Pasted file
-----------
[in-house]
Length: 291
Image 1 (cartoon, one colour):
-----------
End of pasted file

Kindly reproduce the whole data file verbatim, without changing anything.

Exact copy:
[in-house]
Length: 291
Image 1 (cartoon, one colour):